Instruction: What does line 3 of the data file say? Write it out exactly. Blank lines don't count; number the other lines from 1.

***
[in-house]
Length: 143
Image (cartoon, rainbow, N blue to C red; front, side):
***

Image (cartoon, rainbow, N blue to C red; front, side):